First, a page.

Welcome Aboard – Permission to be Creative!

We know certain airlines have had a bit of bad press recently (namely dragging paying customers off their planes. If you haven’t heard about it where have you been?) However here’s an example to illustrate they don’t all get it wrong!

 

You may well have heard of or seen the numerous on line videos of South West Airlines employees doing announcements on board their planes – they are pretty infamous these days.

 

However in case anyone hasn’t seen them before, we’ve posted one above which has only just gone viral – in fact the lady in question in this video actually ended up on the Ellen (DeGeneres) show on US TV because of it.  However if you go on You Tube and plug in South West Airlines you can find a raft of videos, a particular favourite of ours is the guy who raps the safety announcement – not only is he very clever, he gets full audience participation.

 

However you might be asking what has all this got to do with leadership?

 

Well South West Airlines are a fascinating organisation.  In a previous blog we talked about Ken Blanchard extolling the virtues of servant leadership and this company is one that fully embraces that ideology.  However they also go one stage further and try to engender a truly creative environment – giving their employees permission to make the customer experience as fun and engaging as possible.  Given all the videos and comments they are certainly memorable.

 

They acknowledge that whilst there are certain things that have to be done, i.e. safety briefings etc, how they do them is left to the individual teams on board each plane.  This has the effect of creating a unique experience for the customer and perhaps more importantly allows individual team members to experiment and be creative, which in turn makes the job more fun and engaging both for them and the customers.

 

It’s actually a really clever strategy as you’ll see from the videos the passengers on board love it and become fully engaged in the whole thing, so much so that this company now has a reputation for hilarious announcements as so many travellers have filmed their experiences and posted them on line.  It’s like free advertising by their customers – the ultimate in word of mouth recommendation if you like.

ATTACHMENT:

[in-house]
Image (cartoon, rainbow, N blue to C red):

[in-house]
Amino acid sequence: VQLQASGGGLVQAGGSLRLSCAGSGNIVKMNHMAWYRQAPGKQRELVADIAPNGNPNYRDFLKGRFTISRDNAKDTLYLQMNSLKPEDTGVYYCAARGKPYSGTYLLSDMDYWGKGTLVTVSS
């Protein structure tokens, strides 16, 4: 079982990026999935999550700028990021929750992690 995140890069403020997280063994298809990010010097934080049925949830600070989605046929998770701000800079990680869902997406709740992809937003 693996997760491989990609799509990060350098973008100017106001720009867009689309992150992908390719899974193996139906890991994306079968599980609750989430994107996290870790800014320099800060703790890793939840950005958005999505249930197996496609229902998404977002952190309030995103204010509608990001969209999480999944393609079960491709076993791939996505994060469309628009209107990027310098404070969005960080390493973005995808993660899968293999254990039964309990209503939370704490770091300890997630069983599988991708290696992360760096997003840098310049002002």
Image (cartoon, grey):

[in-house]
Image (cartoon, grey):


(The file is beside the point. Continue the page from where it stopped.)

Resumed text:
It also means that employees are constantly trying to be more and more creative to make an impact, which raises a certain amount of healthy competition among the different on-board teams.

 

When most people think of creative organisations, places like Google usually spring to mind and their whacky premises, famous deck chair areas and indoor slides.  Yes all designed to help people be creative, but what South West Airlines have done really well is to tap into each individual’s creativity and sense of fun and give them freedom to express it, even when completing the most mundane and routine tasks.  This isn’t about fancy fixtures and fittings or innovative offices, it’s about the people!

 

It really got us thinking – if you as a leader can replicate what South West have done so well and tap into each individual’s creativity, giving them the freedom to experiment, how much impact could that have on the working environment and the customer experience, not to mention each individual’s personal motivation.  How much more might they be engaged in what they do and feel they have the power to influence how things are done?  How much more emotionally invested could they be in what they do, if they had the opportunity to seek out new ideas.

 

If you think this sounds good, step back and think about ways you could just engender a little of that excitement and creativity.  For example when was the last time you really encouraged someone to come up with a new way of doing something, just for the sake of it; when was the last time you decided to do something totally different in your team meeting?

 

Ask yourself honestly how much permission do your people have to be creative?  You never know they may well be full of ideas…. You just need to ask them!

 

Til next time

 

Martin and Elizabeth

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